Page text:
“Hush! I have heard of the deed,” said Everard; “for God’s sake hear the man to an end. — Did this visitor speak to thee, my friend?”
“Yes, sir, in a pleasing tone of voice, but somewhat fanciful in the articulation, and like one who is speaking to an audience as from a bar or a pulpit, more than in the voice of ordinary men on ordinary matters. He desired to see Major-General Harrison.”
“He did! — and you,” said Everard, infected by the spirit of the time, which, as is well known, leaned to credulity upon all matters of supernatural agency — “what did you do?”
“I went up to the parlour, and related that such a person enquired for him. He started when I told him, and eagerly desired to know the man’s dress; but no sooner did I mention his dress, and the jewel in his ear, than he said, ‘Begone! tell him I will not admit him to speech of me. Say that I defy him, and will make my defiance good at the great battle in the valley of Armageddon, when the voice of the angel shall call all fowls which fly under the face of heaven to feed on the flesh of the captain and the soldier, the warhorse and his rider. Say to the Evil One, I have power to appeal our conflict even till that day, and that in the front of that fearful day he will again meet with Harrison.’ I went back with this answer to the stranger, and his face was writhed into such a deadly frown as a mere human brow hath seldom worn. ‘Return to him,’ he said, ‘and say it is MY HOUR, and that if he come not instantly down to speak with me, I will mount the stairs to him. Say that I COMMAND him to descend, by the token, that, on the field of Naseby, he did not the work negligently.’”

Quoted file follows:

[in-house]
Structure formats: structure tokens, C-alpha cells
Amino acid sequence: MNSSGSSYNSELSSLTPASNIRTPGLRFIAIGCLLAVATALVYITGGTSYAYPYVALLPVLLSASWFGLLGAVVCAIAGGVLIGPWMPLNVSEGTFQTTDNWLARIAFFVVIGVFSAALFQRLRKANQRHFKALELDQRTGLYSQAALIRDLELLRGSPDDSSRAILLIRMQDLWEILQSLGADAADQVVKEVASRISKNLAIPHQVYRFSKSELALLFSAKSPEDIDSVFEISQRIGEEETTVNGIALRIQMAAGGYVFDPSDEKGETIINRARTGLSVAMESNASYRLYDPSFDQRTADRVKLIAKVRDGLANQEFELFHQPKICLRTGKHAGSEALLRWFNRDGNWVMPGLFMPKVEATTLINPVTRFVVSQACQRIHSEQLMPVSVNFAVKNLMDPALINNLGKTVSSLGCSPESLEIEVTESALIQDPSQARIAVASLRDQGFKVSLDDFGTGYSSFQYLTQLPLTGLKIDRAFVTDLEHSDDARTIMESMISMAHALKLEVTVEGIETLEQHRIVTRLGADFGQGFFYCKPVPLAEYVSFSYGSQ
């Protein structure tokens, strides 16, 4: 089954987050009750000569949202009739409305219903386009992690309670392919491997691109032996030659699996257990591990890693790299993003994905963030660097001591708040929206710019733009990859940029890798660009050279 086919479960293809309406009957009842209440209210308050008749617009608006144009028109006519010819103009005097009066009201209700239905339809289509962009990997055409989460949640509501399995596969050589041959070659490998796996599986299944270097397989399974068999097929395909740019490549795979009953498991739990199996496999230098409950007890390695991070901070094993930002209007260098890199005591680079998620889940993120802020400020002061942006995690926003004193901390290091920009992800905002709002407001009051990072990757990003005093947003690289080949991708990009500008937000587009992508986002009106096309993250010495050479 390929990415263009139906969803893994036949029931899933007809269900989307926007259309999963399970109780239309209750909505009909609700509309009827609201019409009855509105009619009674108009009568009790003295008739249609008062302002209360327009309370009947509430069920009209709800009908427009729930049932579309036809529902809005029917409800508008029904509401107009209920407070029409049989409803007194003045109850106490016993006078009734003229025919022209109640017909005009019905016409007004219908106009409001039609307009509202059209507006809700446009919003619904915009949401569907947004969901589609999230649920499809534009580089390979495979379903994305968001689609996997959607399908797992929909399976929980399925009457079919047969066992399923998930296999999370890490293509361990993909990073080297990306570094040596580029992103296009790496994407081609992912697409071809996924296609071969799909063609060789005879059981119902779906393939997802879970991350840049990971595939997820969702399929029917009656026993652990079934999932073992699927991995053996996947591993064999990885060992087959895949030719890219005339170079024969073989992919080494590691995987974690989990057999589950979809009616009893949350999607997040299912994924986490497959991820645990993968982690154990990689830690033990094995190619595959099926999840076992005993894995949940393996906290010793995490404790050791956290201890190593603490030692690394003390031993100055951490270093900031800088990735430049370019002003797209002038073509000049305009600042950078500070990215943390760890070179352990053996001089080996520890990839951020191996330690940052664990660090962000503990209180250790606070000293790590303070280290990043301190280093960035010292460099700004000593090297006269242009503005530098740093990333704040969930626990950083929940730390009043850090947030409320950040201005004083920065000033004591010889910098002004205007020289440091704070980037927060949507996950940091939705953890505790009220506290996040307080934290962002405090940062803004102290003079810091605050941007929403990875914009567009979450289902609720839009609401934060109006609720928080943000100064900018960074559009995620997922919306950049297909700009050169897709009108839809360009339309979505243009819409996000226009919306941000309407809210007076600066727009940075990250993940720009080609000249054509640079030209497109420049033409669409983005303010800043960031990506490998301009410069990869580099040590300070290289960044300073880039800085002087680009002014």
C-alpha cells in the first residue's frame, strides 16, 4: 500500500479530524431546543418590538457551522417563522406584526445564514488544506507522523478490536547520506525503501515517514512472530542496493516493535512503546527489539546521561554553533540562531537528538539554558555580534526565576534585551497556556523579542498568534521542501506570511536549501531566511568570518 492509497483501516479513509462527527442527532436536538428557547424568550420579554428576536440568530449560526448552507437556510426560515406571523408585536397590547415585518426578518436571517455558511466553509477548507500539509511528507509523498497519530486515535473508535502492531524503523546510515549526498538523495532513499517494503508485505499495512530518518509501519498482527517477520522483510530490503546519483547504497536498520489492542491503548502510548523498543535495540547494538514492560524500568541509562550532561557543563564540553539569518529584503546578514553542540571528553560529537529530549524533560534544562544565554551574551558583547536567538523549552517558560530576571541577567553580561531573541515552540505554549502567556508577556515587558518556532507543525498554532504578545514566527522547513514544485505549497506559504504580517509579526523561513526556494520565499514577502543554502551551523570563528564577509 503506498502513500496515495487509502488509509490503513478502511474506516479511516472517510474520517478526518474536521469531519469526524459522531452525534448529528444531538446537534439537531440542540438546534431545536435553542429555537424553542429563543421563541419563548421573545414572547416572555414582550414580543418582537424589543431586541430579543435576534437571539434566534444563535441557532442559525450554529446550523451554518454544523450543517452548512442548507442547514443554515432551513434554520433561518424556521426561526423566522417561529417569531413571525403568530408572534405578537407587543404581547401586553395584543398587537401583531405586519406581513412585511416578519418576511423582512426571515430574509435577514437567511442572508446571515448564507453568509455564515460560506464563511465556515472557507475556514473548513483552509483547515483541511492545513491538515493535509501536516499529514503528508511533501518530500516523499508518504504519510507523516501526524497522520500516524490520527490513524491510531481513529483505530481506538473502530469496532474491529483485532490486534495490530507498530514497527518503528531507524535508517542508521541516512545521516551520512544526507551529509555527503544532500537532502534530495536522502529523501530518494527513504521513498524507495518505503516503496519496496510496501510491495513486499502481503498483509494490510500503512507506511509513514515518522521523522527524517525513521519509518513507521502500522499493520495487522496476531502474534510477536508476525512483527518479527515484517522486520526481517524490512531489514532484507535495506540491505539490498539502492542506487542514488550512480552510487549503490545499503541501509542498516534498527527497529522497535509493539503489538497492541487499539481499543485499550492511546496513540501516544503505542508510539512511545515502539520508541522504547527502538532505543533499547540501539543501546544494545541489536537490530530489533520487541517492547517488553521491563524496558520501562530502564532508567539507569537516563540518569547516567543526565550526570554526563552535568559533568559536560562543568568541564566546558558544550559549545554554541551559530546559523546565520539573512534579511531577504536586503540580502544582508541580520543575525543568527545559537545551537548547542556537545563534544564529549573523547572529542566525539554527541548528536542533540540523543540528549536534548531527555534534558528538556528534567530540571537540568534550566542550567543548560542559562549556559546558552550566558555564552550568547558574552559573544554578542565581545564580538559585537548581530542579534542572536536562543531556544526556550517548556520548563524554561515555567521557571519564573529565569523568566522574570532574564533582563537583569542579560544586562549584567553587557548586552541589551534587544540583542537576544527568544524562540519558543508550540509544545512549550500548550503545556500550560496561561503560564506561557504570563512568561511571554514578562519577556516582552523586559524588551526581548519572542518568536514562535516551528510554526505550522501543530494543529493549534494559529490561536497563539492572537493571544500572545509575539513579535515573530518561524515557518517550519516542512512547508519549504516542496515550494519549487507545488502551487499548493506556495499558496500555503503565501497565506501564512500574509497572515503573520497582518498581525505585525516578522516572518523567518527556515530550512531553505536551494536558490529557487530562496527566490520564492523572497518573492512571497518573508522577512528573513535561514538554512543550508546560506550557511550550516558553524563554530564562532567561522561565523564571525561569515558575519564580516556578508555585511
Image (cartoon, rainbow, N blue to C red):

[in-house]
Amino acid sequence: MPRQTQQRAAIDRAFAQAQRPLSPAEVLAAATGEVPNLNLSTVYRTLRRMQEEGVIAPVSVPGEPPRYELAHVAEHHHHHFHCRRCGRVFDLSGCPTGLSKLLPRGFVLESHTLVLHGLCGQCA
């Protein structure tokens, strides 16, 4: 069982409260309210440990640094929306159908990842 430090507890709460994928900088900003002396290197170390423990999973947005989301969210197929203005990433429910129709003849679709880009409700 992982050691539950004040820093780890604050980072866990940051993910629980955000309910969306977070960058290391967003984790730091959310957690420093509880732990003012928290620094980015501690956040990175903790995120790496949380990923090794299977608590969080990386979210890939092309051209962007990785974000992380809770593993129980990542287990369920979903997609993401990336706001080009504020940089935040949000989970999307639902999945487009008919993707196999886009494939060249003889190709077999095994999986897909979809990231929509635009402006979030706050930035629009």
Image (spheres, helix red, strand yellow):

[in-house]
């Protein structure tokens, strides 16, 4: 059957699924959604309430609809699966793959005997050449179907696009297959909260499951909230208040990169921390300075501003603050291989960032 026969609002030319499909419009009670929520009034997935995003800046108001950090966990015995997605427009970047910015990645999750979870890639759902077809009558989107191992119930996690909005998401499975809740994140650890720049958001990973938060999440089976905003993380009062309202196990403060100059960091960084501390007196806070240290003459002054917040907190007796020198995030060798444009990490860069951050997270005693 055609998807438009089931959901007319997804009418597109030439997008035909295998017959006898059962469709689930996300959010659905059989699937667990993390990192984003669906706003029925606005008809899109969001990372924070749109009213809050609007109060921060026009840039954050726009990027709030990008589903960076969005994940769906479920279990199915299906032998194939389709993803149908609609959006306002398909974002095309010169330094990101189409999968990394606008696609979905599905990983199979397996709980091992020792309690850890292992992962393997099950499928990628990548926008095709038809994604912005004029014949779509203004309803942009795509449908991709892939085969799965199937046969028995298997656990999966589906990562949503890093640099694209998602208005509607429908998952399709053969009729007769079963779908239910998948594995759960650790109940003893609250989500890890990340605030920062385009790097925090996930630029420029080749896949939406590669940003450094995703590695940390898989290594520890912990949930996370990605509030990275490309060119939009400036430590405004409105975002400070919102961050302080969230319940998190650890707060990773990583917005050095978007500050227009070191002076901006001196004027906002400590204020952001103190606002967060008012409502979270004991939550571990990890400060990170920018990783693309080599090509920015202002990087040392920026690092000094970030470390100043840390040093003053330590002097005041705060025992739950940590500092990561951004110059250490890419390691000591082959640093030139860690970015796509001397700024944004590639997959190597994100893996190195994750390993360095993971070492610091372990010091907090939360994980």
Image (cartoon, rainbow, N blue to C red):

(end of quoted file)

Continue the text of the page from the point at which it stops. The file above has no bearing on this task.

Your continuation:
“I have heard,” whispered Wildrake — who felt more and more strongly the contagion of superstition —“that these words were blasphemously used by Harrison when he shot my poor friend Dick.”
“What happened next?” said Everard. “See that thou speakest the truth.”
“As gospel unexpounded by a steeple-man,” said the Independent; “yet truly it is but little I have to say. I saw my master come down, with a blank, yet resolved air; and when he entered the hall and saw the stranger, he made a pause. The other waved on him as if to follow, and walked out at the portal. My worthy patron seemed as if he were about to follow, yet again paused, when this visitant, be he man or fiend, re-entered, and said, ‘Obey thy doom.